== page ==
Annapolis National Cemetery
It was mid-November - the grass was deep and soft, strewn in spots with
dried leaves. The sun settled atop the hill, soon to fall from sight, and a cold, stinging wind
tossed my hair with no particular intent. As I walked along I noticed the shadows cast across the
hillside by the tombstones - long, deep blue shadows.
I walked to the top of the hill and looked back toward where I had been. The entire hillside was
now in bathed in shadow; the sun's dying rays glanced off the tips of the grass near the crest - but
the tombstones glowed white in the sunlight, from the crest of the hill to the foot. It was as though they
had become detatched from their earthly restraints and were trying to attain Heaven.
A strong gust of wind stirred the leaves near where I stood and sent them skittering across the grass.
I caught a leaf in my gaze and watched it until it came to rest against one of the stones. The marker glowed
brightly in the hard light of the setting autumn sun; I stood between it and the sun so I could make out
UNKNOWN U.S. SOLDIER
|The Bivouac of the Dead|
|by Theodore O'Hara|
The muffled drum's sad roll has beat
The soldiers' last tatoo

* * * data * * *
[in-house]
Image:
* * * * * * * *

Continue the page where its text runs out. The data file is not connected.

No more on Life's parade shall meet
That brave and fallen few.
On fame's eternal camping ground
Their silent tents are spread
And glory guards with solemn round
the bivouac of the dead.
No rumor of the foe's advance
Now swells upon the wind
Nor troubled thought at midnight haunts,
Of loved ones left behind;
No vision of the morrow's strife
The warrior's dreams alarms;
No braying horn nor screaming fife
At dawn shall call to arms.
Their shriveled swords are red with rust,
Their plumed heads are bowed,
Their haughty banner, trailed in dust,
Is now their martial shroud.
And plentious funeral tears have washed
The red stains from each brow,
And the proud forms, by battle gashed
Are free from anguish now.
The neighing troop, the flashing blade,
The bugle's stirring blast,
The charge, the dreadful cannonade,
The din and shout, are past;
Nor war's wild note, nor glory's peal
Shall thrill with fierce delight
Those breasts that nevermore may feel
The rapture of the fight.
Rest on, embalmed and sainted dead,
Dear as the blood you gave;
No impious footstep here shall tread,
The herbage of your grave.
Nor shall your glory be forgot,
While fame her record keeps
Or honor points the hallowed spot
Where valor proudly sleeps.
Yon marble minstrel's voiceless stone
In deathless song shall tell,
When many a vanquished ago has flown,
The story how ye fell;
Nor wreck, nor change, nor winter's blight,
Nor time's remorseless doom,
Can dim one ray of glory's light
That gilds your deathless tomb.
Bivouac of the Dead was written in 1847 in memory of Kentuckians who died
in the Battle of Buena Vista in the Mexican War. The full text of the poem may
be found at the Arlington National Cemetery
Annapolis National Cemetery
Last updated Sunday, August 16, 1998
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